Reviewing Cloud Costs From An Engineering Director’s Perspective

Reviewing Cloud Costs From An Engineering Director’s Perspective

Sheldon Lachambre Director, Software Engineering
Published: July 14, 2020
6 Min Read

At CloudHealth by VMware, we believe in using our own platform to manage our internal costs at the team level. In this exercise, I’ll analyze the spend for two CloudHealth engineering teams and show you where we can take advantage of some cost-saving opportunities—and hopefully inspire you to think about where you can reduce cloud costs in your own organization.

The cloud cost breakdown for our team

To establish a baseline understanding of cost we can use CloudHealth to filter by Perspective, in this instance by team, for all assets owned by Team 1 and Team 2. We can then filter down by date range to include data for just the month of May. Segmenting our data in this way is possible using CloudHealth’s tagging capabilities, which we adhere to strictly.

A cost history report, for both staging and production environments, shows the following:


You should disregard any “RI Prepay” Line items in the cost history report because these are one time RI purchases and will skew the results. It’s better to use the Amortized Cost History, as it shows the breakdown of the RI purchase over the period it was purchased (1 or 3 years) instead of one large “RI Prepay” item.

Looking at the data above we can see there is $6811.88 per month on various AWS services, the two largest services by far are EC2 Compute ($2716.81) and S3 - API ($1413.60). Our annual cost is therefore $64061.76.

There’s also a RDS cost of $1191.89, which is attributed to the benchmark pricing database and is provisioned as an Multi-AZUsage:db.m5.2xl RDS instance—we need to check and see if this is overprovisioned. Stay tuned as I’ll be discussing this in a future blog post.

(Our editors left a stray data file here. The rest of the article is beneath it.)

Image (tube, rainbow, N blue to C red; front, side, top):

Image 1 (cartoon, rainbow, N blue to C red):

If we look at the amortized cost there are some credits applied for usage (-$871.35), but also an amortized cost for the upfront RI purchases which is shared out monthly of $2104.10.


This means the fully loaded monthly cost is $8044.62. However, there is nothing we can do to reduce the prepaid amount, so we can work on reducing any monthly costs not covered by RIs and ensuring that we have the right size instances so that we reduce our future spend on RIs.

That will be done in a series of steps: identify the highest costs, use CloudHealth to optimize costs (e.g. rightsizing), and then do an human assessment of how additional costs can be saved through re-architecture and waste reduction, for example using AutoScale Groups.

There are also additional costs not captured here that are centralized, such as Redis Cache, RabbitMQ, etc. however those will be managed by a centralized team as part of their cost breakdown.

Options for cloud cost optimization (CloudHealth recommendations)

Using the CloudHealth Platform, we can optimize our EC2 spend in two ways:

Option 1: We can purchase RIs or Savings Plans to reduce our spend, however that option is better managed at the organizational level, rather than the team level, so that we can maximize our benefits from floating convertible RIs or Savings Plans coverage.

Option 2: We can rightsize the machine. You can identify rightsizing opportunities by running a rightsizing report, filtered on perspective group Team, and selecting Mates.

There are 74 EC2 instances, the vast majority of which can be downsized, saving $10- per month. Before we rightsize these instances however, we have to check to see if the instances will be covered by reservations (since it appears almost all the instances are not currently covered). Because almost all instances are covered by reservations, there are no true savings to be had here. 

That being said, it’s still a best practice to only provision what you need—efficient provisioning will reduce wasted spend. This will also free up some RIs for other teams, and result in a lower RI renewal in the future.